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Why Chris Arnade Quit His High-Paying Wall Street Job to Photograph Extreme Poverty and Addiction

Daily Ticker

Chris Arnade was a trader on Wall Street for 20 years. He had a secure spot on a foreign exchange desk at one of the biggest financial institutions in the world. Yet after two decades on Wall Street he quit his job and began spending much of his time in an area of the South Bronx where the average household income is just $16,000 per year.

Related: Income Inequality Is the Enemy of Economic Growth: Robert Reich

“I effectually became disillusioned with Wall Street following the financial crisis,” says Arnade. “As a way to try to find something to fill in the gap I started walking around New York with my camera talking to [and photographing] people.”

His photography led him to Hunts Point, one of the poorest and most violent neighborhoods in New York.

“I started really talking to the addicts and the prostitutes there and I felt like their story needed to be heard, and I’ve focused my last three years on doing just that," he tells The Daily Ticker's Lauren Lyster.

Related: Income Stats Suggest American Dream Is Dead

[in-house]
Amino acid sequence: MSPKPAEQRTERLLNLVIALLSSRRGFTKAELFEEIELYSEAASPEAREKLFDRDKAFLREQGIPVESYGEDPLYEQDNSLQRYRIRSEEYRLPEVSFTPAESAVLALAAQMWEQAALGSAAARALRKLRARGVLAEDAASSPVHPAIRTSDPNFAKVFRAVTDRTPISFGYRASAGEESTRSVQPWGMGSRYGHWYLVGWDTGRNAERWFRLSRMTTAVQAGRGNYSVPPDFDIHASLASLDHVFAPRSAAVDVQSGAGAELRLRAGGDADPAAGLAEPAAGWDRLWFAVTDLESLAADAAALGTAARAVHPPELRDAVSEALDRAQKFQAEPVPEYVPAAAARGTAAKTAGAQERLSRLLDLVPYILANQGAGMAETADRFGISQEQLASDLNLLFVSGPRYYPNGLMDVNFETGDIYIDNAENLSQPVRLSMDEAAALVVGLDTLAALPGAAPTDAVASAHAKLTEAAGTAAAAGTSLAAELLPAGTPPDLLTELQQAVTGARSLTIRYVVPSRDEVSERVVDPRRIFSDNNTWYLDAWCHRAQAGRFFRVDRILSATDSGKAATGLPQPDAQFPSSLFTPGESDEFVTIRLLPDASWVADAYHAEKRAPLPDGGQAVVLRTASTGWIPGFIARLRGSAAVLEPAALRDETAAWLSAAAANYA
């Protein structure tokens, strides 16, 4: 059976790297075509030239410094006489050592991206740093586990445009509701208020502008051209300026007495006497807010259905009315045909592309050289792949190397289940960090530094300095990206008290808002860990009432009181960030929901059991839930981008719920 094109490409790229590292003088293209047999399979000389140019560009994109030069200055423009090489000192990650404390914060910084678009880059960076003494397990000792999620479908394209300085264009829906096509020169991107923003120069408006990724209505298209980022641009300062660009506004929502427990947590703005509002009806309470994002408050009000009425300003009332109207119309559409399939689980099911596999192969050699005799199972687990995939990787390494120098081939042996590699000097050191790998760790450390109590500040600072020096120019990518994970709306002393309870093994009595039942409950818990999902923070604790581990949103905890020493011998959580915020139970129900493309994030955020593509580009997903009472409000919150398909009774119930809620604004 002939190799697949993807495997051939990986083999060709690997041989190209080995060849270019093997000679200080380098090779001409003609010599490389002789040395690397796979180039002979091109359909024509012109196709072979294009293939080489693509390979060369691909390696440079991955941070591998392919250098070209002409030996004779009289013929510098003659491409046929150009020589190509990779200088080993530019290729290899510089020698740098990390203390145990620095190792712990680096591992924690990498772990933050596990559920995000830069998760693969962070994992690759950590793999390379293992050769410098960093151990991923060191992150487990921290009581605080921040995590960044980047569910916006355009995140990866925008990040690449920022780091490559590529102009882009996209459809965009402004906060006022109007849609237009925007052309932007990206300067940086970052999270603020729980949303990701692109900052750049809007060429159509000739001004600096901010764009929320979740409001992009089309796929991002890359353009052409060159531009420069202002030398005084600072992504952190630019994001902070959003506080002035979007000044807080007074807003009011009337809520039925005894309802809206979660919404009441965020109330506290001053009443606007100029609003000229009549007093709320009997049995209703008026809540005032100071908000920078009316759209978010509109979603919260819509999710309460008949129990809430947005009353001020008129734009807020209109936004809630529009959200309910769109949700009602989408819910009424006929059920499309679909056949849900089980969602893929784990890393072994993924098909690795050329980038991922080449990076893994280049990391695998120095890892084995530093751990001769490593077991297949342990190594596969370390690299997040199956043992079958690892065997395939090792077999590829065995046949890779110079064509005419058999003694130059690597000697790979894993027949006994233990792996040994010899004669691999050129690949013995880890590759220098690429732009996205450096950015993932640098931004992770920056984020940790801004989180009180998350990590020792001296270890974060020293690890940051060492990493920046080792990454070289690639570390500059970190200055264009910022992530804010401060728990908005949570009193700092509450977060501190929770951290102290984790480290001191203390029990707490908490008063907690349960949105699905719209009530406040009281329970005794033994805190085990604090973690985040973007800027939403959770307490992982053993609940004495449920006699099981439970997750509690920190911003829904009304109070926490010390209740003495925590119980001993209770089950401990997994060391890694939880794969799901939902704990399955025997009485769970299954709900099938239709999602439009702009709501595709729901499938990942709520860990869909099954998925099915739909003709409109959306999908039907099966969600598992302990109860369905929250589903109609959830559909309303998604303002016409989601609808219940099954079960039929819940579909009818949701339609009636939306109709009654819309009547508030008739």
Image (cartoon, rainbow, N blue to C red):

Arnade posts photos of the people he meets in Hunts Point (an area that is often considered a “red light” district) on his Tumblr and Flickr pages along with their stories.

So what has he learned by frequenting these two entirely separate worlds?

“The poor go to jail and the rich make mistakes,” says Arnade. He gives the example of Takeesha, a prostitute and drug addict.

Related: Top 1% Getting 95% of Income Gains: Is Washington Responsible?

“I’ve been close with [Takeesha] now for three years," he says. "She has been in jail off and on about 15 times. The gentleman who I worked with who lost about $1.5 billion never got fired, got paid his $400,000 in salary and now runs a hedge fund somewhere.”


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